Clients get to see investment performance from first year, but still recommended to hold it for at least 5 years. Most 101 ILPs would cater to 10 year policy term and longer; few cater to as low as 5 years.

So that’s in brief.

It doesn’t pay to be naive. As Cat Steven would sing,

“You’re still young, that’s your fault
There’s so much you have to go through”

When in doubt, seek professional advice.

“Love doesn’t put food on the table.”

Turning 35 this year, I’m appreciating that advice much more. The advice that’s often given to those who intend to get married.

Love doesn’t put food on the table. Prayers and supplications do not put food on the table. “Reliance” on God to provide doesn’t put food on the table.

Effort does.

Being a financial planner for a little more than 10 years, I’ve met various couples and seen the different efforts to put food on the table: to provide for the family, for a better living.

The OTs, the part-time jobs, the delivery job, the side-hustle, the home business.

I used to see couples arguing, even in front of me, that I felt like I’ve to be a counsellor.

Yes, finances can be a delicate topic that can lead to arguments: “I’m paying for this”, “you’re paying for that”, “I’m contributing more to this family financially, you don’t talk..” 😅😢

And over the years, I’ve seen couples not only tide over the years together; some actually sail through almost smoothly.

What worked? Effective delegation of responsibilities and mutual respect and understanding.

To my clients, as much as I’ve been of service to you, I’ve learnt a lot from you. Thank you. 🥰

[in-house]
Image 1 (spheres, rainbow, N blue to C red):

Image for illustration only.

How do I invest in a volatile market?

The last 2 years since the pandemic outbreak has been interesting for investors. As they say, “In every crisis lies an opportunity.”

High growth in technology sector as well as healthcare (albeit stagnation after 6 months or so) motivated new and young investors to jump onto the bandwagon.

However, it should be noted that the great gains in the last 2 years were the exception rather than the norm.

How should one invest in a volatile market?

We embrace this volatility and adapt to it. What we recognise as volatility is the aggregated result of people being emotional and tied to sentiment, their hopes, their panic, their optimism, moving the market as an overreaction to events and trends.

Terence Nunis, Investing in a Volatile Market

We ride the swells of this volatility by keeping to a few principles. We look for well-run companies, with good market fundamentals.

Terence Nunis, Investing in a Volatile Market

We should bear in mind that the market fluctuates up and down.

Image for illustrative purpose only.

In general, bullish (upward-trending) markets tend to be associated with low volatility, and bearish (downward-trending) markets usually come with unpredictable price swings, which are typically downward.

“This is how it works,” Lineberger says. “And if you can stomach it, you can enjoy outperforming inflation by almost three times per year. My best advice is to embrace volatility and know that it’s normal.”

What Is Market Volatility—And How Should You Manage It?

Terence Nunis offers the following points of advice in investing in volatility:

  1. Identify growth industries.
  2. Identify growth regions.
  3. Consider where the market will be a decade or fifteen years from now.

[Read more: Investing in a Volatile Market]

Image for illustrative purpose only.

Always remember that investing is and should be for the long term.

Investing is a long-haul game, and a well-balanced, diversified portfolio was actually built with periods like this in mind. If you need your funds in the near future, they shouldn’t be in the market, where volatility can affect your ability to get them out in a hurry. But for long-term goals, volatility is part of the ride to significant growth.